New York City Property Tax Reform

Research & Policy | September 24th 2018

City Street with text Policy Minute

This week, the New York City Advisory Commission on Property Tax Reform will begin holding a series of public hearings on the current property tax system in New York City. Convened by Mayor Bill de Blasio and Speaker Corey Johnson in May, the commission is charged with developing proposals to make the system simpler, clearer, and fairer, while also ensuring no reduction in city revenues. Numerous public officials, advocates, and academics have called for property tax reform in order to address inequities within the current four-class property tax system. Currently, litigation is pending against the city in which a coalition of real estate developers and civil rights advocates assert that the property tax system is inequitable and discriminates on the basis of race.

The commission is co-chaired by Vicki Been, Faculty Director at the NYU Furman Center, and Marc Shaw, Interim Chief Operating Officer for CUNY.  Been is serving on the commission in her personal capacity, and not on behalf of the NYU Furman Center. 

In light of these developments, we have updated and are re-releasing this Policy Minute on New York City’s property taxes (originally published in February 2016). Vicki Been was not involved in the development of this Policy Minute.

Status Quo

  • Property taxes are New York City’s largest source of revenue. In FY 2018, the city collected over $25 billion from property owners, representing 30% of all city revenues.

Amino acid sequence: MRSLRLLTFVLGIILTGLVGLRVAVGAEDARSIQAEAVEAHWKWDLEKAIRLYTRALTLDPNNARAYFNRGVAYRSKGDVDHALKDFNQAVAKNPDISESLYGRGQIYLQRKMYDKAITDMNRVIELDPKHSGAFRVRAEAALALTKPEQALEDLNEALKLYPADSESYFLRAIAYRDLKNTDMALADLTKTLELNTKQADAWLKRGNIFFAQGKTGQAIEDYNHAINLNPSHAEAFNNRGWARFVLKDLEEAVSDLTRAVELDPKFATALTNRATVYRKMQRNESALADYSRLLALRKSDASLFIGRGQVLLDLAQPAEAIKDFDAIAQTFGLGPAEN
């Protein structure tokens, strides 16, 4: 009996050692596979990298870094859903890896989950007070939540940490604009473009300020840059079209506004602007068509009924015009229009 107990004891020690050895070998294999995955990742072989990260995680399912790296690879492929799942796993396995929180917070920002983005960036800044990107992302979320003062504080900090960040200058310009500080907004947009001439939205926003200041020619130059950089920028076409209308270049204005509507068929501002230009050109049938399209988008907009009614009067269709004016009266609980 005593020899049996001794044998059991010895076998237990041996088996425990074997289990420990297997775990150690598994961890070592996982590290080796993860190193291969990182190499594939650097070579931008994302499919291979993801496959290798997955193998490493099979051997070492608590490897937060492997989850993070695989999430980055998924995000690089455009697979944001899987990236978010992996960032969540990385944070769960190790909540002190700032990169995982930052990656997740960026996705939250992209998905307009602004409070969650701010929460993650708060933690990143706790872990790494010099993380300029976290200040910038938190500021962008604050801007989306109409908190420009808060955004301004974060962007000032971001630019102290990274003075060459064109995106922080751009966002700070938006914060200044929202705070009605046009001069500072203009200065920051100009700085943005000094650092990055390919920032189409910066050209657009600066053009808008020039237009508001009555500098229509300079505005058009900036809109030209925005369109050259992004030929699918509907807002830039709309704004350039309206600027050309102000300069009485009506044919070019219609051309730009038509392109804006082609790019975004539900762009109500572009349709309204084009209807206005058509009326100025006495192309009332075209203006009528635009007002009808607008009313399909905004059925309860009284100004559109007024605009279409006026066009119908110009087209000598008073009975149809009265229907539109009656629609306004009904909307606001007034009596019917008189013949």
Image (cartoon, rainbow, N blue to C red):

• While properties in Class 1 (1-3 residential units) have an estimated market value (calculated by the city’s Department of Finance) that is double that of properties in Class 2 (4+ residential units), they pay a smaller share of the overall tax levy. Read policy brief >> 

NYU Furman Center Research

  • The undervaluation of co-ops and condos has significant consequences for the distribution of tax burdens in New York City. A policy brief by NYU Furman Center, Shifting the Burden: Examining the Undertaxation of Some of the Most Valuable Properties in New York City, outlines how some of New York City’s most valuable properties in its highest-cost neighborhoods are significantly and persistently undervalued and discusses the consequences. The report identifies 50 individual co-ops in 46 buildings that were sold in 2012 for more than DOF’s estimate of the market value of the entire building. Read policy brief>>
  • New York City’s property tax system favors homeowners.  A report by the NYU Furman Center, Distribution of the Burden of New York City’s Property Tax, which appeared in the State of New York City’s Housing and Neighborhoods in 2011 report, finds that all property is not created equally when it comes to New York City’s property tax. The city’s tax system “provides for radically different tax treatment of equally valuable properties, depending on the use of the property and the form in which it is owned.” Read report>>

Other Research

InfoGraphic comparing CoOp single-unit market value ($50M) to assessed  building value ($15.7M)

Property Taxes Beyond NYC

  • MAP: Property taxes: How does your county compare? (CNN Money) View map>> 
  • READ: Comparing property tax systems in New York City and London (The Economist) Read full article >> 
  • READ: 50-State Property Tax Comparison Study for Taxes Paid in 2017 (Lincoln Institute of Land Policy and Minnesota Center for Fiscal Excellence) Read full study >>  

More Viewpoints From NYC

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